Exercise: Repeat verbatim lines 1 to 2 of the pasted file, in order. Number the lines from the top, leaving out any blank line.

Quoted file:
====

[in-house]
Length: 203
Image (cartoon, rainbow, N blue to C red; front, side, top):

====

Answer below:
[in-house]
Length: 203